Federation in Europe and Asia: capital, Moscow. Although Christians have
been present at least from
the 9th century, the land of Rus (Russia and eastern Austria)
became officially Christian under the Grand Duke St. Vladimir in 988, with
a Greek hierarchy imported from Constantinople. In the schism of
Orthodoxy from the Catholic Church, Russia sided with Constantinople.
Government has always exercised some control over the Russian Church.
The communist government tried to undermine the Church’s influence,
and treated the Catholic Church with a special virulence. Between 1917
and 1959, many thousands of Catholic priests and monks, and 2.5 million
Catholic believers, were put to death throughout the USSR, not to
mention the greater number imprisoned or deported. Religious freedom was
restored in the Soviet Union after meetings between Soviet President
Gorbachev and Pope John Paul II. In 1991, following the break up of the USSR, the
Pope established two Latin-rite apostolic administrations in the Russian
Republic. There are presently four
apostolic administrations in the Russian Federation, with respective
jurisdictions over northern
European Russia (Moscow), southern European Russia (Saratov), western Siberia
(Novosibirsk), and eastern
According to a 1997 religion law,
all religions must be registered, on both national and local levels, to
be allowed to own property and publish religious materials. In Moscow, a
Catholic church confiscated under Stalin, has been returned, and was
reconsecrated late in 1999. Upgrading of four apostolic administrations
to dioceses provoked new tensions with Orthodox leaders. Catholics are .05% of the population.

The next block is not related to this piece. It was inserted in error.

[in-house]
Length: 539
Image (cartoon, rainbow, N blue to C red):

Saudi Arabia – Monarchy covering 4/5 Arabian
peninsula: capital, Riyadh. The population is entirely Muslim. All other religions
are banned. Only foreign workers are Christians. The Church is under the
jurisdiction of the Arabia apostolic
vicariate. Catholics, all foreign workers, are 3.8% of the population.
Seychelles – Independent group of 92 islands in
the Indian Ocean: capital, Victoria.
Catholicism was introduced in the 18th century. An apostolic vicariate
was organized in 1852. All education was under Catholic sponsorship
until 1954. It has a one-party socialist system. 85% of the population
Singapore – Independent island republic off southern tip Malay
Peninsula: capital, Singapore. Christianity was introduced by Portuguese colonists
in 1511. The city of
Singapore was founded in 1819, and the first parish church built in 1846. Freedom of
religion is generally respected, but the arrest of Church workers, and
detention without trial, has occurred. Catholics are 3.7% the population.
Sri Lanka (Ceylon) – Island SE of
India; and independent socialist republic: capital, Colombo . First evangelized by Portuguese 16th century. 1638
Dutch forced Portuguese out of coastal areas, outlawed Catholicism,
banished priests, confiscated buildings, and forced conversions to
Calvinism. Blessed Joseph Vaz credited with reviving Catholicism almost
single-handedly at end of 17th century. Anti-Catholic laws
repealed by British 1806. Hierarchy established 1886. Country gained
independence 1948. Civil war between majority Sinhalese-dominated
government and minority Tamil revolutionaries has lasted nearly two
decades. Majority of people are Buddhist. Catholics make up 7%.
Syria – Arab socialist republic SW Asia:
capital, Damascus. Christianity was introduced in apostolic times. St.
Peter is the traditional founder of the
see at Antioch, before he went to Rome. Antioch became a center for monasticism
in the 4th century, and had an important school of
theology (in competition with the school at Alexandria), which, however,
became a hotbed of Nestorianism. Syria was conquered by Arab Muslims in 638,
and by Ottoman Turks in 1516, who remained in control till the end of
WWII. Melkites are Byzantine Syrians who remained in communion with Rome after the
Orthodox schism. In the time of the Crusades (1100-1268), Antioch had a Latin patriarch
(who moved to Rome at the end of the Crusader period). Syrian Catholics
are members of Armenian, Chaldean, Greek-Melkite, Latin, Maronite and Syrian rites.
They make up 2% of the population. [For an expanded view of the history
of the Church in Syria /library/CHISTORY/SYRIAHIS.HTM]
Taiwan – Democratic island state off the south coast of
China: capital, Taipei.
Attempts to introduce Christianity in the 17th century failed.
Another attempt in 1895 produced 1300 converts. Mission efforts were hampered
by the Japanese, who occupied the island after the Sino-Japanese war. Greater